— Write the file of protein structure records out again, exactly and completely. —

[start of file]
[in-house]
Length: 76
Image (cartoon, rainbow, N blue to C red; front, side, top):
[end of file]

[in-house]
Length: 76
Image (cartoon, rainbow, N blue to C red; front, side, top):